States can also consider how civic education must celebrate the country’s accomplishments while acknowledging the country’s difficult history and its difficult present. Improvements to a civic education framework may include greater funding for civic education, strengthening course requirements and assessments, reforming education standards and curriculum and enhancing accountability. 

Civic health presents a number of areas where state leaders can come together to collaborate to build civic engagement. For Bellows, one of the most promising areas is election access and voting rights. 

“I think it’s important that we continue to find ways to get back to a place where strengthening and protecting voting rights for all American citizens is a shared goal for all state leaders,” she said. “Civic health ultimately depends upon a healthy democracy where every citizen has equal access to exercise their constitutional rights to register to vote, cast their ballot and have their vote to be counted. Regardless of who we are or where we come from, everything else we care about depends upon that.” 

Townsend and Watson both identify the unique opportunity — and responsibility — states have in advancing civic health. 

“A principle of a democratic republican form of government is that the government that governs closest to the people, governs best; therefore, the states, in our federal system of government, have the primary duty and responsibility of providing civic education to their citizens since it is the states that have the most intimate relationship with their citizens,” Watson said. “In order for states to fully exercise the power afforded to them in the U.S. Constitution and to hold the federal government accountable, it is essential that states educate their citizens on how our government is structured, how it operates, how to engage it and how to hold it accountable.” 

Townsend noted that, even though national government has become dominant in the federalist system, state governments must take the lead in advancing civic health. 

“As our federalist system experiences tension from this preemption, the states still remain uniquely positioned to provide a renaissance in civic health by movingly nimbly to respond to individual state-level issues and evidencing to the electorate the ability of government to respond to the people. Such is the system design; we desperately need the states to fulfill this role.”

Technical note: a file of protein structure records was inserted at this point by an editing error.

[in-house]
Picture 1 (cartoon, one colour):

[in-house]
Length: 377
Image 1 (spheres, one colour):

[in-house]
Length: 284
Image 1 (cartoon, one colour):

Learn more about the Civic Health subcommittee and explore resources at: web.csg.org/csghealthystates/civic-health. 

Behind the Ballot with Sec. Bellows

Shenna Bellows – Maine’s Secretary of State

Shenna Bellows has served as the executive director to the Holocaust and Human Rights Center as well as the American Civil Liberties Union of Maine. She was a Maine senator for four years before being selected by the Maine Legislature to serve as secretary of state. Throughout her career, and specifically in her role as secretary, Bellows has led with the philosophy of “radical transparency,” and this election season is no different. 

Bellows says that she and her staff are fighting against the brewing distrust of the voting process and widespread misinformation with open communication to the people of Maine. 

“Everything that we do, we share,” she said. “We have published voter information guides, we work with our local election officials to help conduct radio interviews to talk through election processes, not just once in election season, but in an ongoing basis. We have relationships with our radio hosts, with our television broadcasters and the local media so that they understand how our elections are administered.” 

 Partisan pushbacks are an area of concern across the nation. However, Maine’s deliberate bipartisan efforts have been extremely helpful in building back voter confidence. The state has codified law that requires an equal representation of Democrats and Republicans at the polls, information Bellows has used to ease the minds of voters and even recruit volunteers. This upcoming election season, state leaders are grappling with a drop in local election clerks, in-part due to the rise in animosity toward elections. Maine’s elections are run through municipalities, as opposed to being county-based and rely on over 500 election officials to administer state, local and federal elections. 

“One of the trends that we’re seeing that’s happening across the country is the retirement and turnover among local election officials. That’s precipitated in part because of a rise in threats against election workers and people being more extreme or angry when they’re interacting with their local election officials, which has made the job more challenging,” Bellows said. 

However, new bi-partisan legislation has put in place protections for poll workers in addition to bolstering the security and efficiency of elections. 

“We’ve been successful in our state legislature. The legislation to protect election workers was bipartisan and we were also able to work collaboratively in the legislature to secure additional resources for training and post-election audits to help strengthen public trust and the accuracy and security of our elections. So, we’ve been really pleased to see that.” 

Maine was one of the first states to introduce and adopt ranked choice voting with overwhelming support from voters. For Bellows, it was important to make this new voting process visible for all Mainers, which she says helped boost voter trust.